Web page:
The Dawn of a Mindful Universe: A Manifesto for Humanity's Future
Magazine / The Dawn of a Mindful Universe: A Manifesto for Humanity’s Future

The Dawn of a Mindful Universe: A Manifesto for Humanity’s Future

Book Bites Environment Science
The Dawn of a Mindful Universe: A Manifesto for Humanity’s Future

Marcelo Gleiser is a theoretical physicist and a professor of natural philosophy, physics, and astronomy at Dartmouth College. He is the first Latin American winner of the Templeton Prize. He is a Fellow of the American Physical Society, and a recipient of the Presidential Faculty Fellows Award from the White House and National Science Foundation.

Below, Marcelo shares five key insights from his new book, The Dawn of a Mindful Universe: A Manifesto for Humanity’s Future. Listen to the audio version—read by Marcelo himself—in the Next Big Idea App.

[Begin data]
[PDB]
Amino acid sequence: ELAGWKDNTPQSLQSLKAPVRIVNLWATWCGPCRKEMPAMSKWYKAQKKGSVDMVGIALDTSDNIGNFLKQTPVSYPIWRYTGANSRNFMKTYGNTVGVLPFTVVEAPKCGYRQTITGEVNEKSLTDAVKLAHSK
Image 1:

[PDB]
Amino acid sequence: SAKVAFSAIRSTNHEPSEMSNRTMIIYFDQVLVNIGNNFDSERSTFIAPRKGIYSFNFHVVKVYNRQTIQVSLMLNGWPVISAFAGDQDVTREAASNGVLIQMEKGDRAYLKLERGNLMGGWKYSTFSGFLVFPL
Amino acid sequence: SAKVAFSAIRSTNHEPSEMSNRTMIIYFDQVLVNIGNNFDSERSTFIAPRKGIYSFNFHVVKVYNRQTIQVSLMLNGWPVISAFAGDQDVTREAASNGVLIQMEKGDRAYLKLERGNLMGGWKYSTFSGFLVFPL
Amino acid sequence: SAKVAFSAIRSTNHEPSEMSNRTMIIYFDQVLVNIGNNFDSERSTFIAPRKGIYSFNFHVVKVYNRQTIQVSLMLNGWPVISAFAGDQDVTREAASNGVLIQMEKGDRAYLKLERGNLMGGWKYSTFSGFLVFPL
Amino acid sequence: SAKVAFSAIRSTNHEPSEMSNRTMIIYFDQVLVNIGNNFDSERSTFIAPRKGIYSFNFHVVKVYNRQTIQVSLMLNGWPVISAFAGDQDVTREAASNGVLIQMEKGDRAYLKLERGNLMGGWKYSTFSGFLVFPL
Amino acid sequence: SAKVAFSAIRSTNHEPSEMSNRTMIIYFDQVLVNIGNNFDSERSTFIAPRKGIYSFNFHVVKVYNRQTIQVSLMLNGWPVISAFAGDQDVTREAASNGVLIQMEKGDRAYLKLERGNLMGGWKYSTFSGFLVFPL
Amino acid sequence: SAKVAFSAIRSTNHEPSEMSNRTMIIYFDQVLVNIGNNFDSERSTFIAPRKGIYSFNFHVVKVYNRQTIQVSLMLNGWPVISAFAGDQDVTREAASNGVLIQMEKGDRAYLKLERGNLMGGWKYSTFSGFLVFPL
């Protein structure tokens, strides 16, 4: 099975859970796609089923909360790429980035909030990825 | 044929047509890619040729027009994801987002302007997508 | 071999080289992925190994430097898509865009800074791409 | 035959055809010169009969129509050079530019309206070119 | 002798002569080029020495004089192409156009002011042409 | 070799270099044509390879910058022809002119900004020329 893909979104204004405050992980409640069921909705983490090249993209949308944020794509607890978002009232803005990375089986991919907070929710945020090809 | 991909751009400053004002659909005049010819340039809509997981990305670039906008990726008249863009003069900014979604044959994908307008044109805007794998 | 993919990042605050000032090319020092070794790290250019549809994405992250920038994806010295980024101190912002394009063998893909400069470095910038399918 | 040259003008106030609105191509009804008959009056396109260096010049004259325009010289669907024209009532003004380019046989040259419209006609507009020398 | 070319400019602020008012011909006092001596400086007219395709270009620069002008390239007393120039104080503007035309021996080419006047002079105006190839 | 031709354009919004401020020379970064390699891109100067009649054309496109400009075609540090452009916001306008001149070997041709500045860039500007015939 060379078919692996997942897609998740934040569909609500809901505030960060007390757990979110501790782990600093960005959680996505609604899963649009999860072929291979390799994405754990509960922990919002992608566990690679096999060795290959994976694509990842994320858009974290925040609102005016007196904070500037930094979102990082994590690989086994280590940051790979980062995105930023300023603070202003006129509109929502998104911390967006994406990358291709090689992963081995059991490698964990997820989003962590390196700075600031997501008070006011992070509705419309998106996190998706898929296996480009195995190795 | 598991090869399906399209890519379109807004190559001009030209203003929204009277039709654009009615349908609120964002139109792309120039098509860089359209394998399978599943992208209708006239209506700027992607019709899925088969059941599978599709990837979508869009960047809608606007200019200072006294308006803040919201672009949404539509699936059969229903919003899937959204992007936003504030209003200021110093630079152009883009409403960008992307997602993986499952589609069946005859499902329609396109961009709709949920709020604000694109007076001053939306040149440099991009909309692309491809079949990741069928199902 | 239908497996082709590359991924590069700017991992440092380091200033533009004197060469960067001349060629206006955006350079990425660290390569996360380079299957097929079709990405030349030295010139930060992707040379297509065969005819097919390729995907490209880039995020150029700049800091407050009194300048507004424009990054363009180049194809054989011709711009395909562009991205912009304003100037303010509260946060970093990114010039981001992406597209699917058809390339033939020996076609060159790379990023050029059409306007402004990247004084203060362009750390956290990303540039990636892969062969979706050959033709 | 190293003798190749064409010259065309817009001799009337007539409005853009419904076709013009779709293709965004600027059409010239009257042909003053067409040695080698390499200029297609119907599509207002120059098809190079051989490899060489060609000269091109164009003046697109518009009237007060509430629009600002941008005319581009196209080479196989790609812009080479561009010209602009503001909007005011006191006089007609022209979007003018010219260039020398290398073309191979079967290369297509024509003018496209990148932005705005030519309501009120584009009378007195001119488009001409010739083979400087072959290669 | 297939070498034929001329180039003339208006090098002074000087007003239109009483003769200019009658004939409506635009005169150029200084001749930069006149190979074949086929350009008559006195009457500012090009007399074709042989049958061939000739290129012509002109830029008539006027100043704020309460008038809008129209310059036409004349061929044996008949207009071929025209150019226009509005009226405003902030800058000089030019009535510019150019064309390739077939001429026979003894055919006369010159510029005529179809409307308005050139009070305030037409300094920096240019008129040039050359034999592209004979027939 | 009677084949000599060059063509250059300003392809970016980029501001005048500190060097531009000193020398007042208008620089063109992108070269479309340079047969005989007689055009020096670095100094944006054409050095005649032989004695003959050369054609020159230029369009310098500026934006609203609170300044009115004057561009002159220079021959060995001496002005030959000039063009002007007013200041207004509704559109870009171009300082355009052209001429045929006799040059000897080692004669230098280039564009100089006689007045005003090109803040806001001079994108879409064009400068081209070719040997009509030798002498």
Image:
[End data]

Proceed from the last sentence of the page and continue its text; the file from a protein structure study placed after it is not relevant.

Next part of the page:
The Dawn of a Mindful Universe: A Manifesto for Humanity's Future By Marcelo Gleiser Next Big Idea Club

1. We are not above Nature. We belong to Nature.

I use the word “manifesto” in the title on purpose: a manifesto is an urgent message, a call for action, a strategy to bring about change and transformation. We do need a revolution. Not one fought with weapons for a political cause, but one fought with a new mindset, one that protects our collective future under the banner of “biocentrism.” Biocentrism is the principle that a planet hosting life is sacred and that we, humans, must rise to the moral task of preserving our world and all life on it. We need to rethink who we are—and the “we” here means all humans. We must embrace a new way of relating to each other and to all living creatures if we are to save our project of civilization and our home planet. This is no naïve dream, but a must for our future.